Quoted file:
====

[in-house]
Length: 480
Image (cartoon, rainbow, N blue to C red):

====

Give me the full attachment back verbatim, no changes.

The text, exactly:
[in-house]
Length: 480
Image (cartoon, rainbow, N blue to C red):